XFINITY vs RCN: Side by Side Comparison

Enter your zip code below to see if XFINITY or RCN offers service in your area.


Comparing Xfinity and RCN is like comparing a gladiator and a ninja — they may look different, but both put up quite a fight. Speeds and pricing are often very similar in areas where Xfinity and RCN compete for your business, so take a close look at details like TV offerings and promotional pricing when making a decision. Customer reviews should also be given consideration.


  • Sales: (844) 246-9494
  • Support: (800) 934-6489

(844) 246-9494


25 mbps to 1,000 mbps

2.0 mbps to 35 mbps



Current: 2nd (0)


  • Sales: (858) 947-7561
  • Support: (800) 746-4726

(858) 947-7561

$29.99 to $29.99 / mo.

10 mbps to 1,000 mbps

Up to 20 mbps



Current: 13th ↑ (+1)


Xfinity by Comcast provides broadband internet, cable TV, and phone service via their hybrid fiber coaxial network. Xfinity is one of the most widely available cable Internet providers in the US.


RCN is a cable broadband Internet, TV, and phone provider. They also offer business broadband plans, and fiber-to-the-building (FTTB) connectivity in some select areas.


    Our data team hasn't been able to find publically available plans from XFINITY

†All plans not available in all areas or to all customers. Verify details with XFINITY.


  • $29.99 for 25 mbps Cable
    • 25 mbps ↓ and -- mbps
    • 1-year promo rate.
    • RCN prices their plans regionally. We do our best to collect these regions and zip codes, but always verify pricing via phone or online in your specific zip code.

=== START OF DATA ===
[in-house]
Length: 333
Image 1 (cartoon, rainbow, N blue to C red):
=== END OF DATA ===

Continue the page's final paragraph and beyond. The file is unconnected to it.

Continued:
• Free installation with promo code RCNOFFER when you order online. Account activation fee is $9.99.
    • Modem: $7/mo
    • Call (858) 947-7561 to setup service.
Last updated on 1/5/2018

†All plans not available in all areas or to all customers. Verify details with RCN.


We have found plans that include datacaps. XFINITY offer plans with data caps regionally or nationwide. Be sure to verify plan details before purchasing.


We have not found plans that include data caps. This doesn't mean RCN doesn't have data caps, just that we haven't found them when collecting their plans. Always verify plan details before purchasing.


Xfinity by Comcast offers Internet, TV, and phone service to consumers primarily via their hybrid fiber coaxial (HFC) network. They are also rolling out fiber-to-the-home (FTTH) installations in some regions.

Hybrid Fiber Coaxial (HFC) networks are used globally by cable providers to deliver broadband internet access to consumers. In short, HFC networks deliver a fiber optic connection to a node within a neighborhood, which then branches off to service 25-2000 homes.[3] By using this network structure, Comcast and other cable providers are able to take advantage of their existing coaxial infrastructure to offer competitive broadband speeds at a lower up-front installation cost to the company.

In the case of FTTH installation, fiber optic cable is run directly to consumers residences or businesses. This network structure is preferred over hybrid networks. Unfortunately, they aren’t widely available due to the high costs associated with running fiber optic cable.


RCN offers broadband Internet, digital cable TV, and phone plans via three network types: hybrid fiber coaxial (HFC) “cable”, DSL, and fiber optic.